MOSCOW, Idaho – In the second practice of the new era Thursday, Vandals women’s soccer took a decidedly optimistic turn.
Senior forward Bridget Daley set up as a wing in a frenetic drill on a 30-yard pitch. A high, hard pass came toward her from across the field. She suddenly bent forward, standing on one foot. With her back foot raised high and kicking like a mule, she connected with the ball and directed it to the goal from about 10 yards out with enough velocity to send it forcefully into the net.
“That was pretty sweet,” new Idaho coach Jeremy Clevenger said. “I told her if she does that in a game, I’ll buy ice cream for the team that night.”
The Vandals are getting back to soccer following an offseason full of travail. In March, the team assembled before the University of Idaho student government to voice support for athletics director Rob Spear following complaints he did not adequately address sexual harassment and assault allegations against a former football player five years before. In April, the soccer players testified before the Idaho State Board of Education when they learned UI might eliminate soccer after this season because of an ongoing budget shortfall in athletics. Soon after, their coach, Derek Pittman, resigned to become the coach at the University of Texas San Antonio.
So balls, goals and the Kibbie Dome this week are a return to a welcome routine. In addition, Clevenger and Pittman speak the same coaching language, according to senior defender Kelly Dopke – start with good defense and attack off it.
“If we defend well, we can attack well,” Dopke said.
In practice, Clevenger made a point of the geometry of the game, the shape of the defense and the angles for offering defensive help. As players on offense tried to exploit sudden openings, defenders sought to smother such attacks before they got organized.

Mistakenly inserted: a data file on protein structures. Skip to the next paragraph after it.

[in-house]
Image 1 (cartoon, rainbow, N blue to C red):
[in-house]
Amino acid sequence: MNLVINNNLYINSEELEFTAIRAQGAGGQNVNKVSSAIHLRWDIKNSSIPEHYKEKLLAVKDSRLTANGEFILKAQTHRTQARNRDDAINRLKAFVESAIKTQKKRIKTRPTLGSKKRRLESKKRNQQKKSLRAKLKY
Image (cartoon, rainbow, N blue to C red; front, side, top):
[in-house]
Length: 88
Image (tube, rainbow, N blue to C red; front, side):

“Pressure the ball immediately. Do it as a group,” Clevenger said.
With eight seniors and 10 returning starters, the Vandals are a mature, disciplined team, well set up to carry out Clevenger’s style of play.
“They have a great ability to work hard as a team, together,” Clevenger said. “One of my philosophies is culture. You need to win together.”
Idaho finished 8-9-2 last year but won its last three games. Before that, the Vandals won back-to-back Big Sky Conference regular-season championships.
“I know this group has a conference championship in the back of their mind,” Clevenger said. “We’ve talked about it as an achievable goal.
“I got handed a good situation. A rebuilding project is not the case here. This is a very good team with a junior- and senior-led roster.”
Clevenger comes to Idaho from Northern Iowa, where he was an assistant. The threat to Idaho’s program has not been lifted, but the State Board of Education gave the university a year to show it can balance its athletics budget by adding three new nonscholarship sports and counting the tuition and fees paid by participants as athletics revenue. Clevenger has also been given a three-year contract.
“The team has a great reputation throughout the university and the community,” Clevenger said.
“I fell in love with the University of Idaho and Moscow,” he said. “I wasn’t sure how I felt about playing in a dome.”
The Vandals, for the second year, continue to have the distinction of being the only college soccer program to play games indoors.
“Since I’ve gotten here and seen the facility, I think our game-day experience will be one of the best for midmajors in the country,” Clevenger said. “This is a cool setting for a Division I game.”
Even more so if Daley takes her dramatic goal-scoring from practice to games.
“I tried a bicycle kick in a game,” she said. “That didn’t go so well.
“I’ve done (the back kick) before, just goofing around. If it’s set up for me perfectly, I’ll try it in a game.”
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